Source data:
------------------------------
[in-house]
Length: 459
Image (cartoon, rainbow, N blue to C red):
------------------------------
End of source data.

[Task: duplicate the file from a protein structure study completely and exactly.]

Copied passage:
[in-house]
Length: 459
Image (cartoon, rainbow, N blue to C red):